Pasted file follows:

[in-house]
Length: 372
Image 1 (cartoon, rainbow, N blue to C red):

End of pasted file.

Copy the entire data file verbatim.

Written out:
[in-house]
Length: 372
Image 1 (cartoon, rainbow, N blue to C red):